Story Number Two: Everything’s going fine so far
Except for the closeness of the election, nothing unusual has happened yet. The corrections that were made in the first few days were in the normal range. The corrections that have been made in the first half of the recount have been in the normal range. Routine honest mistakes were routinely and honestly corrected. The Coleman and Franken campaigns have filed two quite ordinary lawsuits. The Secretary of State and the various election officials have all done their jobs in a correct, routine, businesslike way.
Minnesota’s election law regarding recounts is carefully written and unambiguous, Minnesota has a well-earned reputation for efficient, honest elections, and nothing has happened so far to damage that reputation.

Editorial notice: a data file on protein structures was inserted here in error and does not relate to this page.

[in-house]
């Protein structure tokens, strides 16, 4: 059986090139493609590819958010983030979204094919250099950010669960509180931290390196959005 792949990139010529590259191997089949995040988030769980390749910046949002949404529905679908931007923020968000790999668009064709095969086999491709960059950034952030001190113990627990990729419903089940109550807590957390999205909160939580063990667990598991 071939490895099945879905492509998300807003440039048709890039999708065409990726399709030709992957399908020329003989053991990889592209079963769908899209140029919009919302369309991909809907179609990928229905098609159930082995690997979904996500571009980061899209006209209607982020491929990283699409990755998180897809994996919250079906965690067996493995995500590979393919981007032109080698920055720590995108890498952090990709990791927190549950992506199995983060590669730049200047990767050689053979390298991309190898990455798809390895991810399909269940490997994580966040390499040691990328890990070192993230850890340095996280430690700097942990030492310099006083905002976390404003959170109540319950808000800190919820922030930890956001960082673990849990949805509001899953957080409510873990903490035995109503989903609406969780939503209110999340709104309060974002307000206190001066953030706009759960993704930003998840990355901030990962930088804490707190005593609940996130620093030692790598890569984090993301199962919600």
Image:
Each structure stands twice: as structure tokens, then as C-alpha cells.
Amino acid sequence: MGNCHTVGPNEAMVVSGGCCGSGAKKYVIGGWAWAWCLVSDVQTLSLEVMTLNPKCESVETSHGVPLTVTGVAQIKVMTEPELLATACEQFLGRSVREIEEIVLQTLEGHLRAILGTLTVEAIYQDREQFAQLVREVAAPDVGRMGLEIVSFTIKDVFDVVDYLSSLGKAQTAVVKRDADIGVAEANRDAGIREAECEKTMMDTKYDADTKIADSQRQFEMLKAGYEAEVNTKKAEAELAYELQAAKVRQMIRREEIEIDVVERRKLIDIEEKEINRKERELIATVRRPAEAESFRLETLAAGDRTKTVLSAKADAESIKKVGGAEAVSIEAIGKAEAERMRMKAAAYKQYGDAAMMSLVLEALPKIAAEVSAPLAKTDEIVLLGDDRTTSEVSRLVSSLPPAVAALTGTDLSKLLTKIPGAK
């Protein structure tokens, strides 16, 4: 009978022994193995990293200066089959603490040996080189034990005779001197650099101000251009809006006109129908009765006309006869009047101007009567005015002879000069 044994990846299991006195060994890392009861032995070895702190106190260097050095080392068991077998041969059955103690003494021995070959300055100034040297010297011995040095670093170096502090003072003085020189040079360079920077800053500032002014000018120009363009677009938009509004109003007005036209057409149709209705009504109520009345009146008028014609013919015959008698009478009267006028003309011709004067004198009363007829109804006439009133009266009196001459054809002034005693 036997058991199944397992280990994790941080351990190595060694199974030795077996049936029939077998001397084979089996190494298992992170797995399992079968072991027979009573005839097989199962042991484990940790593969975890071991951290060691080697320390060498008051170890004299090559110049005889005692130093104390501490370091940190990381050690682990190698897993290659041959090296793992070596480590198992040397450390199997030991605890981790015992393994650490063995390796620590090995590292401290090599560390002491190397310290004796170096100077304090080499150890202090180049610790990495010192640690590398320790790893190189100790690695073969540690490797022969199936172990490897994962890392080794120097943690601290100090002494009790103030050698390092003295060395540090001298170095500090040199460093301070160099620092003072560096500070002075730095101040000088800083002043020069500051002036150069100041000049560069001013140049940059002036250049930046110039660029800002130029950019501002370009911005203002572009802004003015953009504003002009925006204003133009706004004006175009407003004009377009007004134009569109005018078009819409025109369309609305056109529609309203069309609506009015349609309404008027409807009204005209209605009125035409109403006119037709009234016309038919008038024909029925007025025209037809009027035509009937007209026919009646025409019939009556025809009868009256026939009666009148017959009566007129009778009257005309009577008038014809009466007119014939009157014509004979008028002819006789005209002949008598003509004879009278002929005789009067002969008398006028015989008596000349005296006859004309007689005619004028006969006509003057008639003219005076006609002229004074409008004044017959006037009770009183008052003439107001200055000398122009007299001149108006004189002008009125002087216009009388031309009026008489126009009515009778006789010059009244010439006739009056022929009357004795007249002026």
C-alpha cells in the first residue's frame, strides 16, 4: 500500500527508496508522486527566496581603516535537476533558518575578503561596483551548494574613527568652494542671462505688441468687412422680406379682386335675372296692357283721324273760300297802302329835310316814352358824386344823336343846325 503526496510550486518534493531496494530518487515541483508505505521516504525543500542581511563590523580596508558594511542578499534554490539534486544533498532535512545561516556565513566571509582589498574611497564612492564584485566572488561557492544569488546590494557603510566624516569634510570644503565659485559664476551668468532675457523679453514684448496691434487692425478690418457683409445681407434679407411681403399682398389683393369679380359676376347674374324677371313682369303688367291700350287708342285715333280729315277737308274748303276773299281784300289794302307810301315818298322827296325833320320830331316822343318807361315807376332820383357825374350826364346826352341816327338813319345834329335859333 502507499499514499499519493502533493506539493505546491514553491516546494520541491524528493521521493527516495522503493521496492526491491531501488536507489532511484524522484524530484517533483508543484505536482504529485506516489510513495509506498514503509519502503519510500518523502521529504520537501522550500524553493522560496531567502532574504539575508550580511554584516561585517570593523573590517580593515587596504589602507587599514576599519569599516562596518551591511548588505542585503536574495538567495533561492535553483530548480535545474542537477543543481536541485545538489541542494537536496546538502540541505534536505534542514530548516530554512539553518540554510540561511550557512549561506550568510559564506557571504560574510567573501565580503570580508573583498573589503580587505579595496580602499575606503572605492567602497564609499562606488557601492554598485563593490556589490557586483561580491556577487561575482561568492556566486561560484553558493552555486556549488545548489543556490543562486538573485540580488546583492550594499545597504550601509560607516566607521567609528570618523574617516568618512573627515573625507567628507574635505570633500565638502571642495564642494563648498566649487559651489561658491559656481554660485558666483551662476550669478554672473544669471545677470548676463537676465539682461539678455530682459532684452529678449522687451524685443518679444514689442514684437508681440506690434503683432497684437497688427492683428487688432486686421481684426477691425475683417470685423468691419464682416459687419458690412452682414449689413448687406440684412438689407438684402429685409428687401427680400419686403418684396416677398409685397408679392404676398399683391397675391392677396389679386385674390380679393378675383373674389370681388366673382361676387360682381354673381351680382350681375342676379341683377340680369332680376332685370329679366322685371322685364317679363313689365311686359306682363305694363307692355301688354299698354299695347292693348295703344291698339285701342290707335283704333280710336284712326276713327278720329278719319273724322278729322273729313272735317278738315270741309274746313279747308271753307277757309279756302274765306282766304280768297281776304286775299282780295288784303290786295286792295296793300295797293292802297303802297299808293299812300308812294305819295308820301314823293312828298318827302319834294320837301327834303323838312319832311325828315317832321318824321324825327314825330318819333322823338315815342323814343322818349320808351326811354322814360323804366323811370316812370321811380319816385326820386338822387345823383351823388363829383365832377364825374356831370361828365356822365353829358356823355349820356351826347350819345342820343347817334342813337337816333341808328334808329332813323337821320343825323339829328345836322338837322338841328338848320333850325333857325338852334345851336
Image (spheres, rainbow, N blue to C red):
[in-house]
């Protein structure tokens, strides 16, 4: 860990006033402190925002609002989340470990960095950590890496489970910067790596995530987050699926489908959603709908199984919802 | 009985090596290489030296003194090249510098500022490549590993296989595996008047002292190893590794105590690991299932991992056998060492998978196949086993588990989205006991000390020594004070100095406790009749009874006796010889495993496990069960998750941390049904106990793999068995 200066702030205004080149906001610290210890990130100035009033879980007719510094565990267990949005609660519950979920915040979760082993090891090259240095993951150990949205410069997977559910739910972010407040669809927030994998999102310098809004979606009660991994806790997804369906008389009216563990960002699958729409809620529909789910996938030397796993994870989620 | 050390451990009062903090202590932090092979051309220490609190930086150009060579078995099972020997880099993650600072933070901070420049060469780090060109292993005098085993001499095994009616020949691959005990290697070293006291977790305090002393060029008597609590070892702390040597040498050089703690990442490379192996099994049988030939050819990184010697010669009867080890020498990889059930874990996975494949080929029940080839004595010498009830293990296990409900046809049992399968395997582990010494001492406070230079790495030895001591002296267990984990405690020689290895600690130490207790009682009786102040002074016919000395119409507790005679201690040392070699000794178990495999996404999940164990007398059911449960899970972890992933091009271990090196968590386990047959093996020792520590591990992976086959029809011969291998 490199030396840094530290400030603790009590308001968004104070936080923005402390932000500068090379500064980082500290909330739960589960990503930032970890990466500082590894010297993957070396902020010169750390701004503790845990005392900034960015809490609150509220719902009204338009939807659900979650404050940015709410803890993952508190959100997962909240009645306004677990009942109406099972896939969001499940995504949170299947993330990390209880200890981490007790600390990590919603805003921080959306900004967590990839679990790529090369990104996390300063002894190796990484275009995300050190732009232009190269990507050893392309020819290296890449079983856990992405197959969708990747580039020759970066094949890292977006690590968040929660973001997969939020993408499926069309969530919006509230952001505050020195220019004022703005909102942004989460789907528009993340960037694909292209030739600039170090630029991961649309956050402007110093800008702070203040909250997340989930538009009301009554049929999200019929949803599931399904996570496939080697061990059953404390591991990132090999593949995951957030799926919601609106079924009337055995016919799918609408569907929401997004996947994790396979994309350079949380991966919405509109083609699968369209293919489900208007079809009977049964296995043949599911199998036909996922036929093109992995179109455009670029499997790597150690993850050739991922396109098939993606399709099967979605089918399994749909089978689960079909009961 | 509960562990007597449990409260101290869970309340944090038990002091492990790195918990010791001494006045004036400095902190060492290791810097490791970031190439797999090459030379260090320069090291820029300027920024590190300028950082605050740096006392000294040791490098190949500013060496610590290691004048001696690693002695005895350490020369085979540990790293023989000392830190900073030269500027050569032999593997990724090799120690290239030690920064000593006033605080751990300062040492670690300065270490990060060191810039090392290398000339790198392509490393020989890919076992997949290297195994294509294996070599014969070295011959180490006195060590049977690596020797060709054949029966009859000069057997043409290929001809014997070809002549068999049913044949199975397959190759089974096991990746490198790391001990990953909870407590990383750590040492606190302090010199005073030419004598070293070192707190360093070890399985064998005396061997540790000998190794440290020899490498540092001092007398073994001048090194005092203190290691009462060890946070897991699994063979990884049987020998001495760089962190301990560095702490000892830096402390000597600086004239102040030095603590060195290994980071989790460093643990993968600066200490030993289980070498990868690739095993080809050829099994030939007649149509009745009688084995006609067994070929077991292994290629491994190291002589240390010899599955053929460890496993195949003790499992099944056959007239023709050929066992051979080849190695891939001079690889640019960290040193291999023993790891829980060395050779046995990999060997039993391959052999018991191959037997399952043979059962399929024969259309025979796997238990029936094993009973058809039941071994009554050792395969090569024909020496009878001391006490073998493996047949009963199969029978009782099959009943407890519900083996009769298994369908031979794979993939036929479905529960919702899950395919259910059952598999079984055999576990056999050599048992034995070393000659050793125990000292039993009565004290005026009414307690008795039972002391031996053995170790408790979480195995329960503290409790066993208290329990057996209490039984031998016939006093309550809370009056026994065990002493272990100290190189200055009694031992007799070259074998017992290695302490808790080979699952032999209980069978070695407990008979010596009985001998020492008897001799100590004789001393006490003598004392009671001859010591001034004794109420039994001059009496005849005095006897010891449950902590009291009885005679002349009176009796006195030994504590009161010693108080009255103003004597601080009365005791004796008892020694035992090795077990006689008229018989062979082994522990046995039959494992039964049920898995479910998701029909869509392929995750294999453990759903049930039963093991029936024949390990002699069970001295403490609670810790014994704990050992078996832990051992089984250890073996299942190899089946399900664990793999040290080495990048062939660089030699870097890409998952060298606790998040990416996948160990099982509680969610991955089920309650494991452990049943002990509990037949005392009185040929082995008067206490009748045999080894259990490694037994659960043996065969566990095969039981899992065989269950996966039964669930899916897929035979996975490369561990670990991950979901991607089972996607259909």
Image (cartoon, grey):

Story Number Three: The Republicans are stinking up the place
Coleman still has to be the favorite, but the Republicans are doing whatever they can to cast a shadow in the process, so Coleman could end up representing a state whose reputation for honesty he’d just dragged through the mud. They just can’t help themselves. That’s the only way they work.
Not all of the Republicans are acting badly. Former U. S. Attorney Tom Heffelfinger was originally slated to head the Coleman recount campaign, but he made some polite excuse and backed out. (You have to believe that he just didn’t want to be involved with the sleazy operation the Coleman team was planning.) And after a little slip on national TV (which he corrected the next week) Republican Governor Pawlenty has generally affirmed the integrity of his state’s recount process — though still he might relapse, and definitely needs watching.